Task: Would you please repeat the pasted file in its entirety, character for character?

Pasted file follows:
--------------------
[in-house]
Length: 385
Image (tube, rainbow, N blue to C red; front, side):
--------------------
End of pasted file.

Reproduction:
[in-house]
Length: 385
Image (tube, rainbow, N blue to C red; front, side):